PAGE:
Four Freewriting Tools Every Novelist Should Use – Part 2

Before introducing two more freewriting tools, I have a rhetorical question: what’s the most powerful and “viral” gift freewriting can bring to your story?

Here’s my rhetorical answer: depth of character knowledge.

I don’t mean just random lists of character attributes; I mean what what I call nuggets–revelations big and small that round out your character, that give her attributes you probably wouldn’t have “thought” of, that suggest both inner and outer logic.

–Miss Scarlet is susceptible to poison ivy.
–She likes ham
–She’s a New Jersey girl but attended a southern boarding school.

Do we have real character knowledge here? Not yet. Ask yourself: do the items in this list suggest what can, even must, happen as your story moves forward into greater complexity? Are they suggestive of deep motivation? Do they point toward specific complications, plot moves, scenes? Do they reveal theme, transcend randomness?

I wouldn’t say yes to any of those questions. Compare with the following:

–Scarlett has never gotten over being the only “Yankee” girl in her school, a situation that caused her to be ostracized and lonely.

–Her love for ham sandwiches runs afoul of her Orthodox Jewish future in-laws.

–A bad case of poison ivy forces her her to postpone her wedding and she spends a week soaking in lukewarm baths of bicarbonate of soda.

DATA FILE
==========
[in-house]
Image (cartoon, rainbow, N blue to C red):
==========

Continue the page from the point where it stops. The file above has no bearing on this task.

Those are nuggets. Provisional, of course–they may very well be superceded by better nuggets as the story development process moves forward–but we have something to run with.

The following two freewriting tools are perfect for unearthing nuggets when you need them most. Both are targeted (aka “directed”) freewrites–that is, you have a predetermined the subject (your target) you need to explore. Both take a familiar form, the Q & A:

Hold on a minute: isn’t it contradictory, even silly, to ask questions of yourself? Don’t you already know the answers? By definition? All I can say is, no, resoundingly NO.

Yes, the answers are inside you, but not consciously available to you.

They reside in the place beyond your awareness that we call your unconscious. You are not conscious of them, nor of the raw stew of creativity that produces them–not until something opens a gate to that place and allows them to enter consciousness.

Freewriting opens that gate. It gains you access to your most creative thinking. So why not call it “freethinking?” Because, as a mode of thought, it’s inseparable from the act of continuous, nonstop writing. Remember the only rule of freewriting: TO KEEP WRITING. Should you attempt to storm your unconscious directly, leaving out the writing component, you’ll almost surely end up staring slack-jawed into space and wondering why the hell you ever thought you could do this thing.

So when would you need it? Anytime you find yourself short of vital character or plot information without which you can’t move forward.